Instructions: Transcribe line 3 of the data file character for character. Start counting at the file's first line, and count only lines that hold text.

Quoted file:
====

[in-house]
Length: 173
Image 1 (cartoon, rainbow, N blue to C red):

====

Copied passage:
Image 1 (cartoon, rainbow, N blue to C red):